We all need a dream, especially while we’re in the process of digging ourselves out of debt and working towards financial stability. And it’s fair to say that people with clearly-defined goals achieve them sooner and more easily than those who don’t know where they’re going. One thing to set your sights on for future is investing in property. This can provide a long-term income to supplement wages and other investments. If you’ve always had an idle fantasy of having a portfolio of property, it’s not unachievable. However, a lot of planning needs to go on behind the scenes before you take action. Why not set a bigger-picture goal and start working towards it? It can be really motivating to have something tangible to work towards and inspire you.
All to your credit
First of all, you absolutely must check your credit score. Unless you’re fortunate enough to be able to buy a property outright, you’ll need good credit to be able to take out a mortgage in future. Very often, your credit score will also affect the amount you are allowed to borrow, so it’s worth working to improve that. If your credit rating has taken a hammering in the past, it can take a few years; so why not get a free credit report and score and check what you can do to improve your standing? You can often get a free one-off report from one of the big names in the UK, such as Experian.
We know where you live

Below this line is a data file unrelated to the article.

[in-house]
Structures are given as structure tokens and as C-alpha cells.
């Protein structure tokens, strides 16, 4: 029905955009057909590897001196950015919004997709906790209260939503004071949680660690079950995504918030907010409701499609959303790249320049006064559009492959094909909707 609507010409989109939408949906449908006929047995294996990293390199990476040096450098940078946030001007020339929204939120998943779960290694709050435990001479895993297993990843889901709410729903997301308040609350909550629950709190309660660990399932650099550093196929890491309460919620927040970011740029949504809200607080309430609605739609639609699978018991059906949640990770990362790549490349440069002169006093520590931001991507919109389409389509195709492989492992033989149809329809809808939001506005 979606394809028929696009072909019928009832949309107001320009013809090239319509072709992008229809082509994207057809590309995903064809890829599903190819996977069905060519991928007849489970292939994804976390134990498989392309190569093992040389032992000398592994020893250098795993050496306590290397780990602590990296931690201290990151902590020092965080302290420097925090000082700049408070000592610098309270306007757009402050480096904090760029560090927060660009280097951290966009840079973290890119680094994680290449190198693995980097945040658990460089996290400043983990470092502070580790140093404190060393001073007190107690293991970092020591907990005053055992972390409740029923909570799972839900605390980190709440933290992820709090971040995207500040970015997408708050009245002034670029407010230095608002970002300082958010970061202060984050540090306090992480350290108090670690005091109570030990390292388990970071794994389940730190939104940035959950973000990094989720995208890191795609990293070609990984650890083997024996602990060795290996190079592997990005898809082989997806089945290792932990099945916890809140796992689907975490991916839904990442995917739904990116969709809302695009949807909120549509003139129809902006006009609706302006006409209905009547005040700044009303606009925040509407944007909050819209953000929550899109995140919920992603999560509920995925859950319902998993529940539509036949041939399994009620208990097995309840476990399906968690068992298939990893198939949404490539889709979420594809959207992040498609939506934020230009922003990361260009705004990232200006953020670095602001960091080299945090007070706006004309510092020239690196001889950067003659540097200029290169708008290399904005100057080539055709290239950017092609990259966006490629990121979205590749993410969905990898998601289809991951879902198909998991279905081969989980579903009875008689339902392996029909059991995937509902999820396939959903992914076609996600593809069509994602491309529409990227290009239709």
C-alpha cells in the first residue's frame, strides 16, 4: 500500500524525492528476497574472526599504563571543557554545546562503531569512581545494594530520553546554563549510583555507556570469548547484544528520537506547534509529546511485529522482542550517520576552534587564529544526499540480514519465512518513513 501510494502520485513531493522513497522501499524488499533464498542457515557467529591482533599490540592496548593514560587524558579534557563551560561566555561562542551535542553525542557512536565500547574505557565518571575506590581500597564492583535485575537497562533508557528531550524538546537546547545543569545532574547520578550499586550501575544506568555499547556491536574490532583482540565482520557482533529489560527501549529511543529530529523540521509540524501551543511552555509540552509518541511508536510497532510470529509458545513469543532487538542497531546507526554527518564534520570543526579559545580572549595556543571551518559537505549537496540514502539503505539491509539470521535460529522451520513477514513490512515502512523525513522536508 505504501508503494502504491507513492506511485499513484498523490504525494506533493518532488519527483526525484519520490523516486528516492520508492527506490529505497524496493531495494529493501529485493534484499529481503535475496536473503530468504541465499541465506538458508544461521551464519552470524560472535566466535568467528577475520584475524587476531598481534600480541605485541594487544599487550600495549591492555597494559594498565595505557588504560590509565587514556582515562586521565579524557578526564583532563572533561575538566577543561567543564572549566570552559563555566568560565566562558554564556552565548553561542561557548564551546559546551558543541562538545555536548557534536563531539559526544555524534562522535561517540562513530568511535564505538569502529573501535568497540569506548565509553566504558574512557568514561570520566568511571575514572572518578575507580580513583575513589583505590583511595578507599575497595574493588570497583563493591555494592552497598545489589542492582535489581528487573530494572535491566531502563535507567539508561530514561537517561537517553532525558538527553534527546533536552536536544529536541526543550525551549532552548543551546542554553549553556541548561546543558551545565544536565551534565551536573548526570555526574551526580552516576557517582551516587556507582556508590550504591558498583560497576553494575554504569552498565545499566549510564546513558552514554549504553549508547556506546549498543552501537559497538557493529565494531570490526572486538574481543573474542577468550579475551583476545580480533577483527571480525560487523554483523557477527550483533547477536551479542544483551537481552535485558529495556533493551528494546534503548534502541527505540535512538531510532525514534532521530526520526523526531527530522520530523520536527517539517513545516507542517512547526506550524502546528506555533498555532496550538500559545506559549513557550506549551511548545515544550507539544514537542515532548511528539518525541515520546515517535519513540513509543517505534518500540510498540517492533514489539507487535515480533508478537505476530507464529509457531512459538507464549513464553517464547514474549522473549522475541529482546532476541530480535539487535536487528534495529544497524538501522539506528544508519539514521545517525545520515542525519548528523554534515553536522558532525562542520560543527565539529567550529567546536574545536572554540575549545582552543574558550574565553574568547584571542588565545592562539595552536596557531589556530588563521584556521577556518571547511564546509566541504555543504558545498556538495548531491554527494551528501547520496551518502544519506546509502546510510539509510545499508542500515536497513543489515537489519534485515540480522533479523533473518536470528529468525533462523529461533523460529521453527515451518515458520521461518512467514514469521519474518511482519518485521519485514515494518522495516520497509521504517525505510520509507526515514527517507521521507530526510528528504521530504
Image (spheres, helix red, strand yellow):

The fact is that it is easier to get a loan for a buy-to-let if you are already a home-owner. So as soon as you can, you should plan towards buying rather than renting your own property. Buy-to-let mortgage deals are more plentiful at the moment ñ and often work out cheaper – than residential ones, but don’t think you can subvert the system by pretending you will be renting out your first home if you intend to live in it. Since the financial crisis, rules surrounding mortgages have become a lot tougher. In fact there are stiff financial penalties for misrepresenting the purposes of the mortgage you are applying for.
Onwards and upwards
Once you have a foot on the property ladder, re-mortgaging to release the equity in that property is a good way to get started. Alternatively, you can take out a new buy-to-let mortgage. You will still typically need a deposit of up to 25% of the asking price, so it’s imperative to continue your savings plan even when you have a home of your own. Remember to keep on reviewing your finances, because if you fail to meet mortgage repayments on either, it is at risk of repossession.
Aim your sights low(er)
Be realistic about what you can afford in terms of a second property. Let’s face it, you aren’t going to be able to afford Buckingham Palace in this lifetime. But if you are looking primarily at property ownership as a way to get a better rate of return on your money than a bog-standard savings account, an increasingly popular option is involvement in peer-to-peer (p2p) lending platforms. These schemes facilitate investment in rental property indirectly. In p2p investing, your money is placed into a pool to fund a diversified portfolio of property. You have no direct stake in physical property, but the platforms boast returns of up to 12%. They’re still in their infancy, though, so you should read the small print very carefully indeed before investing. If you prefer to own something you can see, you could consider investing in one or more units in student accommodation blocks ñ these kinds of additions to your portfolio can provide high-yield long-term returns and are a great way to start small while thinking big.